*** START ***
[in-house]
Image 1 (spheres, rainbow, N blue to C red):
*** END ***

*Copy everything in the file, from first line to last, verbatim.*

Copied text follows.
[in-house]
Image 1 (spheres, rainbow, N blue to C red):